My dad lost his dad to cancer at a very young age. At that time, he wasn’t given the tools to deal with that kind of trauma properly. As he got older he used alcohol to manage his stress, so by the time I was three, it’s somewhat unsurprising that he was an alcoholic.

Luckily for us, he made the decision to quit, and that changed the trajectory of our lives. Since then, he’s always reminded us that no matter the situation, no matter how dire something may seem, you always have a choice in your response. He’s big into ceremonial stuff, so when my siblings and I were teenagers, he presented us each with our own medallions engraved with, “Attitude is everything,” so we would have it as a daily reminder. Mine still sits on my desk.

After my concussion, in an effort to make up for what I felt was lost time, I became a workaholic. I was a rise and grind type of gal and I was extremely unhappy. I was caught up in society’s narrowly defined measure of success. This lead me to burnout and severe gastro-intestinal issues. The doctors thought that I had Crohn’s, or maybe cancer. No one asked me about my stress levels, or how much sleep I was getting. If they had, I could have identified the issues much faster. Instead, after all the tests came back negative and the doctors had no other suggestions for me, I went back to my research about the mind-body connection and realized I had lost all the healthy habits I had established post-concussion. I had to start all over again.

When I feel that itch to work long hours for days at a time, or find myself putting off the joys of life because, “I just want to get these last few things, done” these quotes remind me that health and happiness are more important than material success and that change is not something that happens overnight.

Is there a particular book that made a significant impact on you? Can you share a story about why that resonated with you?

Recently, I’ve been reading The Field, by Lynne McTaggert. She dives into the research that shows how we — and everything around us — are all made of energy. How energy is constantly impacting you, and your energy effects the world around you. How ideas and even thoughts energy. It’s fascinating.

At first it sounds pretty far-out, but when you think about how we use the English language, it shows that we intuitively know this. You might have a gut reaction, people drain your energy, you really vibe with a person, or you might say that someone has magnetic energy.

When you understand that everything is in a constant state of energy exchange, you realize that even your thoughts can have an impact on your physical body, and the world around you.

The research is also so striking because this idea of our interconnectedness comes up everywhere. We see it right now with the pandemic, we see it in climate change, we see it in our consumption choices. Our decisions, the way we interact with the world, really does impact people we may never meet.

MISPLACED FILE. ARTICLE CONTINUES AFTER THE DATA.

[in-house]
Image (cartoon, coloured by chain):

If we all understood this, we would probably start to make major changes to the way we speak to ourselves and how we interact with the world — and I think that would be a good thing!

Are you working on any exciting new projects now? How do you think that will help people?

I’ve been working on a 2-minute quiz that helps people get a gut-check on their resilience superpowers, while giving them tips on how to grow their wellness practices. The goal is to help people build on what they’re already doing well and help them to become aware of other tools that can help them relate to stress differently. So far, people have been loving it!

None of us are able to achieve success without some help along the way. Is there a particular person who you are grateful towards who helped get you to where you are? Can you share a story about that?

My partner, Jim. He was the “friend” I helped when I got my concussion. He is one of the most resilient people I know and he has been incredible in helping to support me as I built Seek United.

He’s one of those people who has an insane amount of patience, loves to laugh, and is a great listener. When things have been difficult, when I feel like I’m not moving as fast enough or have doubted the need people have to hear my message of self-care, he has this ability to give the perfect advice, make me laugh, and help me find my flow again. He also gives the best hugs.

Ok, thank you for all that. Now that we are on the topic of gratitude, let’s move to the main focus of our interview. As you know, the collective mental health of our country is facing extreme pressure. We would like to explore together how every one of us can use gratitude to improve our mental wellness. Let’s start with a basic definition of terms. How do you define the concept of Gratitude? Can you explain what you mean?

Gratitude comes from the latin word for gratia or you might think of the spanish word for thank you — gracias. Basically, it’s showing appreciation for all the things you take for granted on a regular basis. Things like: You were able to go for a walk today. You got to the grocery store without an incident. Your kids are so healthy that they can scream at the top of their lungs while you try to meditate.

Why do you think so many people do not feel gratitude? How would you articulate why a simple emotion can be so elusive?